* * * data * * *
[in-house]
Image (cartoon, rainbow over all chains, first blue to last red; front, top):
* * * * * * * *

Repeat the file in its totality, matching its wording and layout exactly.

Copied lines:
[in-house]
Image (cartoon, rainbow over all chains, first blue to last red; front, top):